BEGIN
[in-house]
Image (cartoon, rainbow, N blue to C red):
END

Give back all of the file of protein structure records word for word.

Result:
[in-house]
Image (cartoon, rainbow, N blue to C red):